Adherents of the traditional view of Daniel almost unanimously agree that the kingdoms are Babylon, Medo-Persia, Greece, and Rome; whereas those who accept the Maccabean thesis usually consider the four empires to be Babylon, Media, Persia, and Greece. For reasons stated in the discussion of chap. 2 and the Introduction, the traditional interpretation is followed here.

John Goldingay: The four creatures emerge from the ocean consecutively, not concurrently. . . Each animal is fierce and dangerous. Each is also ominous in a narrower sense. The first three, at least, are anomalous creatures, resembling one species but also having features belonging to another or being deformed in some other way.

Tremper Longman III: We will argue that, though the vision begins with the Babylonian empire, its multivalent imagery intends to prohibit definite historical identifications with the remaining three beasts. Rather, the fourfold pattern simply informs us that evil kingdoms will succeed one another (at least seemingly) until the end of time. The people of God must recognize that this is God’s plan and prepare for persecution.

B. (:4-7) Four Successive Fearsome Beasts

1. (:4) First Beast Like a Lion with Wings of an Eagle

“The first was like a lion and had the wings of an eagle. I kept looking until its wings were plucked, and it was lifted up from the ground and made to stand on two feet like a man; a human mind also was given to it.”

Stephen Miller: The lion’s wings being torn off speaks of the king’s insanity and loss of power; standing on two feet like a man and receiving a human heart (mind) denotes Nebuchadnezzar’s humanitarian rule after his insanity; and the lion being “lifted up from the ground” indicates that it was God who raised the king to his place of honor.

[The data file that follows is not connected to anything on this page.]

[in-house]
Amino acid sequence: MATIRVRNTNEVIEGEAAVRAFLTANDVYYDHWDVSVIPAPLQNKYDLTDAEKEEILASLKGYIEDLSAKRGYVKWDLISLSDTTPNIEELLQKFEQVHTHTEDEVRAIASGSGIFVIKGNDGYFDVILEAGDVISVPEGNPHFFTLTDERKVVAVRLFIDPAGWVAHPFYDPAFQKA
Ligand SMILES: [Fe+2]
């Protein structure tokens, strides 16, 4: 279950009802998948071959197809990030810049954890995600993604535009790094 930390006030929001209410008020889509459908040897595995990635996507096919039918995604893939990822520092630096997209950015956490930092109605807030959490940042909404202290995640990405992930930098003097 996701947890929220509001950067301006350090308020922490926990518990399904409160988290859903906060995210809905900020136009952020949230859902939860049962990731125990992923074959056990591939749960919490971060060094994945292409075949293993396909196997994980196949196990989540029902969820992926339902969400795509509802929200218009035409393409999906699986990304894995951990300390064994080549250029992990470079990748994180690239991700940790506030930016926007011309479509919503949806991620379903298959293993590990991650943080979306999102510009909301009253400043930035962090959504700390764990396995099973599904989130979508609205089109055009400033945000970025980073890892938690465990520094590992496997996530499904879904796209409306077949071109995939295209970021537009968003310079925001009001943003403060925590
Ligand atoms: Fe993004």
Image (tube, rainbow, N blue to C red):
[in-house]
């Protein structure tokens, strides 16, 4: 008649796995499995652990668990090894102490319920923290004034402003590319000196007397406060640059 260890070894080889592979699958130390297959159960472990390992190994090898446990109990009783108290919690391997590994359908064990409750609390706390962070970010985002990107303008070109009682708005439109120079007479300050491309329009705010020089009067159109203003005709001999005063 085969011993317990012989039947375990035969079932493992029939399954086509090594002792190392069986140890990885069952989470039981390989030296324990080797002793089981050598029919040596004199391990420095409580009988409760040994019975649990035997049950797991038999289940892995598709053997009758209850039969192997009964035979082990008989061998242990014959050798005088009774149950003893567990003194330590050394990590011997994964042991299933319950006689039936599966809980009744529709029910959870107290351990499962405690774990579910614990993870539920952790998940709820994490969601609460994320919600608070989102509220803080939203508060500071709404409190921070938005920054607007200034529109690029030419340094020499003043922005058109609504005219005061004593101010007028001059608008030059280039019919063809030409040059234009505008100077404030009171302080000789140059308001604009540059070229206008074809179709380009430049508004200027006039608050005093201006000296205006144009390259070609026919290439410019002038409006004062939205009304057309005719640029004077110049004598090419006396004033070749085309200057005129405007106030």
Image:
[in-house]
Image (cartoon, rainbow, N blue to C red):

John Goldingay: The features of a lion to which the OT appeals are ferocity, strength, destructiveness, courage, rapacity, and fearsomeness; it can be used as a simile or metaphor for any nation or individual with such characteristics, and in particular to suggest kingship. The eagle’s key characteristics are speed and rapacity (Hab 1:8; Lam 4:19). The bird referred to is perhaps strictly the large and majestic, high-flying and swooping griffon vulture. Lion and eagle appear together to characterize Saul and Jonathan in 2 Sam 1:23, the unnamed northern foe in Jer 4:7, 13, and Nebuchadnezzar in particular in Jer 49:19, 22.

John Whitcomb: Conversion of Nebuchadnezzar pictured here. An animal that becomes like a human – given a new human mind.

2. (:5) Second Beast Like a Bear

“And behold, another beast, a second one, resembling a bear. And it was raised up on one side, and three ribs were in its mouth between its teeth; and thus they said to it, ‘Arise, devour much meat!’”

Paul Lederach: The bear is raised up on one side; perhaps this means that, after the Medes were conquered by the Persians under Cyrus, they played a less-sig
nificant role than the Persians in the Medo-Persian empire. Eventually there is a tendency to drop the reference to the Medes and refer to the Persian empire.

John Walvoord: The meaning seems to be that the second empire will be powerful like a bear, ferocious (Is 13:17-18), but less majestic, less swift, and less glorious.

Stephen Miller: the view that the bear symbolized the composite Medo-Persian Empire is supported by the description of the empire in chap. 8. In 8:3 a ram appears and is identified as “the kings of Media and Persia” (8:20). It has two horns, one larger than the other, portraying the twofold division of the Medo-Persian kingdom. The bear symbolism concerning the two sides with one larger probably should be interpreted in light of the clear passage in Dan 8.

The bear “had three ribs in its mouth,” which may safely be understood to represent the conquests of the empire. Since the beasts represent nations or empires, devouring other beasts would symbolize triumph over them. These ribs may denote military triumphs generally or three specific peoples subdued by Medo-Persia. Although Young considers the three ribs to represent “the insatiable nature of the beast … since, not being content with one body, it devoured many,” others (probably correctly) have taken the ribs to represent Medo-Persia’s three major conquests—Babylon (539 B.C.), Lydia (546 B.C.), and Egypt (525 B.C.).

“It was told” apparently refers to a decree from heaven. “Get up and eat your fill of flesh” means that Medo-Persia would subdue many nations. Persian dominion stretched from Egypt and the Aegean on the west to the Indus River on the east. More territory was controlled by this empire than any other up until that time.